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This was a compelling story of a young slave who was determined that she not be separated from her three children as she had been from her mother. Kitty was a real person, and the author has made her story known through fiction based on research. I particularly was interested in the Underground Railroad, and through Kitty’s eyes, I saw how it worked. Bless the Quakers for loving those in such danger, and at risk to themselves. Kitty’s story deserved to be told!

This book was given to me by NetGalley in return for an honest review.
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Chariot on the Mountain tells a fictionalized version of the true story of Kitty Payne, born into slavery, the daughter of a slave and slave owner. On the slave owner’s deathbed, he makes his wife, Mary promise to free Kitty and the children. Mary fully plans to comply with her husband’s wishes until a greedy nephew comes into the picture, contesting the will so that she cannot dispose of any “property” until the case is settled. Of course, that “property” includes Kitty and her children. While we’ve all read about slavery, I will never be able to conceive of people as property. Though slavery was several centuries ago, I am still struck while reading about people, usually “Christians,” that thought that enslaving people was in any way moral. Mary has a friend who is a prime example of this mindset,  though she does support Mary when Mary decides to make the trek to freedom with Kitty and the children. 

I was uncomfortable with some of the dialogue, the stereotypical language attributed to Kitty and other slaves in the book. The language may very well have been historically accurate, but it just didn’t feel right to me, especially since Kitty begins to speak grammatically correctly around the middle of the book. I applaud Jack Ford for bringing Kitty Payne’s story into the limelight, but the writing never really grabbed me. That said, the story is so compelling that I would recommend the book. 

Thank you to Netgalley, Kensington Books and the author for the ARC of Chariot on the Mountain in exchange for an unbiased review.
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Firstly my sincere thanks to Kensington Books and NetGalley for the opportunity of reading the remarkable Chariot on the Mountain by Jack Ford.    

Set on  a farm in Rappahannock County, Virginia, Samuel Maddox has a dying wish.     On his deathbed he asks his wife Mary to consider setting free Kitty, one of their female slaves and her three small children.    Initially this request presents Mary with a personal, social and moral dilemma but soon decides it's the right thing to do.     Given it's 1844 this is no small decision and one not easily undertaken.   For this to happen Mary needs to get Kitty and her children north to Pennsylvania.   This is their story and all it entails.    It's a beauty and one I'm so pleased to have encountered.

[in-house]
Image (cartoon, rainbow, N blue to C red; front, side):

Summarising what I loved most about this is easy.   It opened my eyes and elicited a wide array of emotions from anger to astonishment.  At times I despaired and other times I felt elated.  This wonderful work of historical fiction not only entertained but it educated.   The narrative opened my eyes to the astounding attitudes towards slaves in 1844 Virginia.    Time and again I caught the reprehensible message that slaves were not considered people but property and as such could be treated any way the owner deemed fit.       Though I'd heard of the Underground Railroad this novel made it real and its importance was made clear in a way I'd never understood before.    

The author filled his pages with characters some of whom were made to be loved whilst others were equally loathesome.  Given the time and place I wondered if the strong female characters were credibile.   Could these amazing  women really have existed in these times?   Would they have taken the actions they did to secure Kitty's freedom?    Was it possible that the court case which was central to the story could really have happened?   I love it when there's an element of fact to beloved fiction.    In this case I was overjoyed to read the Author note in which  Ford indicated "Although the resulting story is a work of fiction, the majority of the foundational facts are true. With just a few exceptions, all the characters described here actually existed, and their backgrounds, relationships, and roles in Kitty’s narrative are generally accurate. .     

Bravo for bringing this wonderful story to life.   It's one I'm sure I'll long remember and the temptation is here for me to recount it in great detail.  Instead of spoiling the story the better option is for me to recommend you get your hands on the book and try it for yourself asap.   I'm fairly sure it will not disappoint.